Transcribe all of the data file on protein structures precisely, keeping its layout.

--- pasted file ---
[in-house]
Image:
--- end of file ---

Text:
[in-house]
Image: